Aussie dev house Krome Studios has just completed work on its second Spyro adventure, The Legend of Spyro: The Eternal Night. GameSpot AU caught up with lead programmer Chris Lacy to chat about all things Spyro.
GameSpot AU: How long has The Legend of Spyro: The Eternal Night been in development?
Chris Lacy: We pretty much started this game as soon as we finished A New Beginning.
GS AU: This is the second game in the revamped Spyro series. What can you tell us about the storyline?
CL: The story basically picks up right where A New Beginning left off--in the final cut scene you were back in the swamp with Ignitus and the fellow dragon elders, and that's pretty much exactly where The Eternal Night picks up. Spyro's been having some nasty visions of impending doom, and you get to find out what that's all about.
GS AU: What new gameplay additions have you made?
CL: The main gameplay addition is that we've enhanced the combat out an awful lot more. Last year, Spyro had different breath attacks for all these elements, and this year he's got melee moves that match his elements as well as breath attacks. So with fire, for instance, Spyro has a comet-dash move where he essentially turns into a ball of flames and darts straight ahead to pound enemies. With the electric top, he spins around and knocks enemies into the air.
GS AU: How many new elemental melee moves will there be?
CL: There's a new move for each of the four elements. We've also fleshed out Spyro's air combat--in A New Beginning, you were able to hit enemies in the air three times, and now it's been increased to five hits. The attacks themselves are a lot more dynamic than last year, with cool camera angles such as following enemies as they get head-butted backwards, for example.
GS AU: But is it the same control scheme as A New Beginning?
CL: It is--it's fair to say that if you played last year's game, you'll be able to pick this one up pretty quickly.
GS AU: Tell us about Spyro's new time-based moves.
CL: Those will allow Spyro to slow time down in various instances. You can use it whenever you see fit--the obvious things that come into mind are, for example, when you have to push a ball into a room before it explodes, and you won't be able to get there unless you slow down time. If you're low on health, you can also initiate "dragon time," and run up and bash an enemy before they can hit back.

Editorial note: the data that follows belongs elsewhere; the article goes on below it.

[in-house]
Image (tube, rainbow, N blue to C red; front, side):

GS AU: How does the dragon-time mechanic work?
CL: There's a meter--it goes for seven seconds. The move itself is part of the storyline, and Spyro gets it very early in the game, within the first 10 minutes or so. From that point on, you can use it anytime and it will regenerate.
GS AU: What can you tell us about the Wii version's controls?
CL: That was a lot of fun to work on. The main thing we wanted to focus on with the Wii controls is to not have motions for the sake of it. The first time we conceived Spyro, we thought it would be fantastic for the Wii. The main area we use the motion is in combat--but we give players the option of just using a button instead because we don't want to force people to be waggling the remote the whole time and getting tired because of it. Personally, I use the button press for ground combat, while I use the Wiimote to initiate air combat.
GS AU: What differences will there be between the Wii and PS2 versions?
CL: There will definitely be subtle differences. The Wii is using higher-res textures in a lot of cases, and the audio quality is ramped up quite a bit. But apart from that, it's the same game.
GS AU: You had some big Hollywood names as voice talent for A New Beginning. Who of the big name actors are coming back for the sequel?
CL: Elijah Wood and Gary Oldman are both back, and Billy West, the voice of Fry in Futurama, takes the role of Sparks this time. The voice talent has been fantastic for both games.
GS AU: Chris Lacy, thanks for your time.